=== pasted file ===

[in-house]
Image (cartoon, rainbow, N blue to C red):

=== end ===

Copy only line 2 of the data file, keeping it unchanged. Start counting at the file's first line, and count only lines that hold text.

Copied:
Image (cartoon, rainbow, N blue to C red):